Teach for America Popularity Soars

Published September 1, 2006

When students walk into class as school opens this fall, chances are greater than ever their new instructor will be a graduate of the Teach for America (TFA) program.

This year, a record 19,000 top college students nationwide applied to spend the next two years teaching in under-resourced public schools. Though only 15 percent of those applicants are accepted annually, the 17-year-old nonprofit TFA program now counts more than 3,500 corps members teaching in more than 1,000 schools nationwide. In 2000, 900 recent college graduates participated in the program; last year, 2,300 did.

“Our goal is that by 2010 we have 4,000 new teachers per year,” said Abigail Smith, TFA’s vice president for research and public policy. She said she hopes to see the program double in size by 2010.

Changing Education

Though the job market is stronger this year than in recent memory, Ivy League graduates are opting for TFA’s low pay and long hours like never before. While TFA’s recruiting tactics–the program employs 90 full-time recruiters–and growing ranks of alumni play a role in its success, Smith said students are interested in TFA’s holistic aspects.

“We have found that what motivates them is the appeal of the challenge the program gives them,” said Smith, herself a TFA alumnus. “The students who join our program are looking for a challenge and looking to do something important for the world.”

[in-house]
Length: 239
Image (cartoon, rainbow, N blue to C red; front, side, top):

Kristen Wong, a Dartmouth grad starting her first year of teaching at a school in Hawaii, told The Associated Press in June she wasn’t looking to become a teacher when she was recruited.

“I told them right up front that I was going to go to med school,” Wong said. “They liked that even better. They pick people who become leaders in the community, who make policy, who vote.”

Over the past few years, Mathematica Policy Research, Inc., a nonpartisan group with three East Coast offices, has released several independent studies demonstrating TFA’s effectiveness in the classroom on math achievement. No impact was made on students’ reading, according to the most recent report.

Daschell M. Phillips ([email protected]) is a freelance writer in Chicago.

For more information …

Teach for America, http://www.teachforamerica.org

“Alternative routes to teaching: The impacts of Teach for America on student achievement and other outcomes,” by Steven Glazerman, Daniel Mayer, and Paul Decker, published by Mathematica Research in April 2005, is available through PolicyBot™, The Heartland Institute’s free online research database. Point your Web browser to http://www.heartland.org, click on the PolicyBot™ button, and search for document #19523.